When elephants are young, an animal trainer will tie a rope around their leg to keep them from escaping. After furiously trying to escape for a period of time, the young elephant will eventually give up. Trained elephants, once they’ve been broken, don’t try to escape anymore. They give up and accept their lot in life. Addictions or things that enslave us are a lot like this. We come to believe that it’s helpless to try or tell ourselves that anyway, and so we give up and we acquire a disposition of learned helplessness. We can be addicted to or controlled by many things without even knowing it. Some of the usual suspects:
- Porn / Sex
- Illegal Activities
On the other hand, some things we don’t think about which can have a controlling effect on us, which might not be addictions per se are:
- Other people – narcissists, controlling people
- Jobs, Bosses
- Consumer Debt
- Social Status
- Social Media
- Political Systems
- Thought Police / Political correctness
- Peer group
- Our thought patterns- neurotic, negative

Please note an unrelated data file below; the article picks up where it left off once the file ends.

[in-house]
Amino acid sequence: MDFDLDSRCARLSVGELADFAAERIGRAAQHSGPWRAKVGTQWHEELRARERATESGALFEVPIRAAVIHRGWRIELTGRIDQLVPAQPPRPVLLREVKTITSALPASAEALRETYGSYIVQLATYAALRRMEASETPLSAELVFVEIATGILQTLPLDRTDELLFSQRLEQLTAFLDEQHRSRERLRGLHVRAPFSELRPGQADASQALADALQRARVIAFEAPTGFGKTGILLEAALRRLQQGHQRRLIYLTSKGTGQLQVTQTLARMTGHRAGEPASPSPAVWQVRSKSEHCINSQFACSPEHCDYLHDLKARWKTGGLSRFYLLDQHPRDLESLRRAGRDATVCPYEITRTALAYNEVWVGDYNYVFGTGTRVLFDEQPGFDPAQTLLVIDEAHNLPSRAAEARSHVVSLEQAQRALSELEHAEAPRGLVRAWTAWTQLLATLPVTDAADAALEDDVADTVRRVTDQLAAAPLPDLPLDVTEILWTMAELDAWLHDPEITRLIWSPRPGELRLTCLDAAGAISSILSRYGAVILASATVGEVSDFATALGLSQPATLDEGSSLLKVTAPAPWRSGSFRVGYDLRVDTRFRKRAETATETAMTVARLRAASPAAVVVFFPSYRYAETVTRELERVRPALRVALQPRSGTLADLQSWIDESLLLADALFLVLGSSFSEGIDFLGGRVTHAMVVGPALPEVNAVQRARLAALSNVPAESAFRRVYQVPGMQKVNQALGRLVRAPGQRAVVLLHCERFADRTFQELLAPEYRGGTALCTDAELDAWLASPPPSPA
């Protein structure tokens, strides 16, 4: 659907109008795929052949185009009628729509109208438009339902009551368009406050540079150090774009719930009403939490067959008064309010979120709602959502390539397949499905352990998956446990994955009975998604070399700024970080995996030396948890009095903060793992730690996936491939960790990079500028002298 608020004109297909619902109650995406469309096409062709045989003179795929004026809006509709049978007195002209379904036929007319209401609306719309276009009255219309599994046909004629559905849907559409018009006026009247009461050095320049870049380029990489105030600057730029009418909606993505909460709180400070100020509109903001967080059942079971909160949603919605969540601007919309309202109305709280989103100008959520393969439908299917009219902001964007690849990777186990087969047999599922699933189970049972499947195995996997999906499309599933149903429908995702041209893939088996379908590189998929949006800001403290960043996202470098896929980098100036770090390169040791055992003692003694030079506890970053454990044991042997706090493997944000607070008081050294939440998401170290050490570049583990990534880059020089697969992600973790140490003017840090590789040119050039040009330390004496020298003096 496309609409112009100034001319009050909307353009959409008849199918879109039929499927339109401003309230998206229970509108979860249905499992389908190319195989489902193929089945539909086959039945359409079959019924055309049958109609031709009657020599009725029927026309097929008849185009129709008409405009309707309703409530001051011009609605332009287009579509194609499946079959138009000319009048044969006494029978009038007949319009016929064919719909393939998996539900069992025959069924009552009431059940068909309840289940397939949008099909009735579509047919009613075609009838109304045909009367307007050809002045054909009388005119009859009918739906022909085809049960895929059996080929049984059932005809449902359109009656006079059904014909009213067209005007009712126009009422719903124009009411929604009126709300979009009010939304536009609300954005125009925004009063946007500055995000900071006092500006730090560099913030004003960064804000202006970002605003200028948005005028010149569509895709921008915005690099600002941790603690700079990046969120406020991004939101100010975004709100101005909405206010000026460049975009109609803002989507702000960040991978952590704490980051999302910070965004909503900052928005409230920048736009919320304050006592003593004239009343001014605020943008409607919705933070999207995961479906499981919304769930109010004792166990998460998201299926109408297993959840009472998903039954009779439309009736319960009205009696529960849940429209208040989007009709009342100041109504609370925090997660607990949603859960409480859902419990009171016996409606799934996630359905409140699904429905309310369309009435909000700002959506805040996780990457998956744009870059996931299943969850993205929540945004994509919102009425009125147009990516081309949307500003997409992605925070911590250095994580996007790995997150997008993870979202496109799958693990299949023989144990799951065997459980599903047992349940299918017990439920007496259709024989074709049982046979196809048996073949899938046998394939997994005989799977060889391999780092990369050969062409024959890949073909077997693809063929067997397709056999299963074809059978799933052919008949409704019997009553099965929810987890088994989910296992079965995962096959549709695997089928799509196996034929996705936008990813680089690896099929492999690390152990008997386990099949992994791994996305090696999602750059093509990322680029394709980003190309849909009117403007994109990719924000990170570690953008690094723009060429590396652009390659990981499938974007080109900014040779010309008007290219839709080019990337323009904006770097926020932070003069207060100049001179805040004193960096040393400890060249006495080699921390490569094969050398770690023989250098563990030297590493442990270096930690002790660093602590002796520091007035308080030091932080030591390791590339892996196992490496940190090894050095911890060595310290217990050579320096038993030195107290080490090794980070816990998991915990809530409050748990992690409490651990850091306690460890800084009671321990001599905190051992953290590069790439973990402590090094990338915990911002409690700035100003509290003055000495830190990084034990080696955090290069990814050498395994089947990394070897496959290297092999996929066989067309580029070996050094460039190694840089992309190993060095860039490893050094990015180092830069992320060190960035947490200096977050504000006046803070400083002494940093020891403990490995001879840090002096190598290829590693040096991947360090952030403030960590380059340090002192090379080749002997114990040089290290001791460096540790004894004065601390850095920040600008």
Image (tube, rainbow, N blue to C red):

- A negative self-image
We will more than likely have to deal with some of these things in our life, so it’s good to be aware of their influence. We may want to change, but feel helpless, or maybe we aren’t even aware that we have a problem with one of these.
The problem with learned helplessness is that it is highly related to mental illness and depression. We don’t want to be someone who has learned to be or feel helpless. I’ve written about this before, but like a lot of college kids, I was in to the binge drinking scene for a time. I’m not going to lie and say it wasn’t fun sometimes, but it also was a bad habit and a bad way to deal with stress. I was never an alcoholic but you tend to do dumb things when you binge drink. I still enjoy drinking in moderation, but have learned that I do better and am healthier and happier drinking in moderation and with periods of abstinence. The controlling aspect started in college when I associated going out with drinking a lot. It took a while after college to learn that wasn’t the best way to do things, particularly as a means of dealing with stress. This is an example of learned helplessness, in that I was unaware that I had a limitation on health and happiness until I taught myself to moderate.
Our habits become who we are, and we feel helpless to change.
Part of learning to have a healthy view of alcohol (which is actually good for you in moderation), or anything else for that matter, is to learn to change if it causes you problems.
The Stages of Change